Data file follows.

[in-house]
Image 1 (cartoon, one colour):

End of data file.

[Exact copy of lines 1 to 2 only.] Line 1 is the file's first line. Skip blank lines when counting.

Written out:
[in-house]
Image 1 (cartoon, one colour):